WatchList Species Account for Gunnison Sage-Grouse
(Centrocercus minimus)

Qualifies for the list as a Red List Species

 

Gunnison Sage-Grouse by Wendy Shattil/Bob Rozinski

Photo: Noppadol-Paothongi

The Gunnison Sage-Grouse is now considered as a species separate from the Greater Sage-Grouse. It is characterized by a smaller body size, unique plumage, andlow genetic variation; differences in mating displays and vocalizations have also been noted. It is found only in six or seven counties in Colorado, and one in Utah. The Gunnison Basin in Colorado comprises over half its entire world range.

 

The bird’s habitat is shrub-steppe below 9,200 feet,including sagebrush, riparian areas, and meadows. The bird uses different habitats for leks, nesting, brood-rearing, and wintering.

 

Sage-Grouse eat only sagebrush leaves during the winter and depend on drainages on southern or westernly aspects for this food source. Winter sites are critical for the species and may change within and between years, depending upon climatic conditions. Lek sites are traditional areas that may have been used for thousands of years.

 

The total estimated population size for Gunnison Sage-Grouse is less than 4,000 breeding birds. At present the population of the Gunnison Sage-Grouse is declining in Colorado (it declined 11% in 1999 in the Gunnison Basin) and its distribution has been reduced substantially from historical levels.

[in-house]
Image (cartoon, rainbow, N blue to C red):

The most pressing threats to the Gunnison Sage-Grouse continue to be the loss, degradation, and fragmentation of habitat. The use of ATVs is also a threat to the species.

 

Critical to the populations’ recovery is keeping specific breeding areas confidential. Some private landowners on lands where leks are located have put conservation easements on their property. The local, state, and federal agencies are actively trying to work to increase grouse numbers and those agencies are currently very aware of their importance to Sage-Grouse conservation.

 

Concern about the species' conservation status prompted the Colorado Division of Wildlife and the Bureau of Land Management to take the lead in organizing a citizen-based group, the Gunnison Sage-Grouse Working Group, to develop a Conservation Plan for the bird in the Gunnison Basin. The plan was completed in 1997 and is now being implemented. The plan addresses threats such as decline in habitat quality, habitat loss and fragmentation, and physical disturbance to bird populations. Actions proposed by the plan include lek enhancement, riparian area restoration, nest habitat treatments, improved livestock management, developing Best Management Practices, and nest predator research.